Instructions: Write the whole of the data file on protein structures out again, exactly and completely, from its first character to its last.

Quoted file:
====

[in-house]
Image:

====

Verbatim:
[in-house]
Image: